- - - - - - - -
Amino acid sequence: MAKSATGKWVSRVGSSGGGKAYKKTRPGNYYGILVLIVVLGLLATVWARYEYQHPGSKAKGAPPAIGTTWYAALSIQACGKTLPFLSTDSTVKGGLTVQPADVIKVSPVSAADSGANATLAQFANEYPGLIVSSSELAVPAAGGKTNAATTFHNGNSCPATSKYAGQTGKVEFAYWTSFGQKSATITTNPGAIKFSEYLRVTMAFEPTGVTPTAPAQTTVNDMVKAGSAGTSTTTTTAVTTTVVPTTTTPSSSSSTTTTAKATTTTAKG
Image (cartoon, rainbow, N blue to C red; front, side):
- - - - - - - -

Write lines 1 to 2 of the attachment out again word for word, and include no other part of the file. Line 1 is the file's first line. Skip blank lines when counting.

Amino acid sequence: MAKSATGKWVSRVGSSGGGKAYKKTRPGNYYGILVLIVVLGLLATVWARYEYQHPGSKAKGAPPAIGTTWYAALSIQACGKTLPFLSTDSTVKGGLTVQPADVIKVSPVSAADSGANATLAQFANEYPGLIVSSSELAVPAAGGKTNAATTFHNGNSCPATSKYAGQTGKVEFAYWTSFGQKSATITTNPGAIKFSEYLRVTMAFEPTGVTPTAPAQTTVNDMVKAGSAGTSTTTTTAVTTTVVPTTTTPSSSSSTTTTAKATTTTAKG
Image (cartoon, rainbow, N blue to C red; front, side):